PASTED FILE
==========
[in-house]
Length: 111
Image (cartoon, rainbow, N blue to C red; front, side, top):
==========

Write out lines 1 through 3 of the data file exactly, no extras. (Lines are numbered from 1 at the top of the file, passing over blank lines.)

[in-house]
Length: 111
Image (cartoon, rainbow, N blue to C red; front, side, top):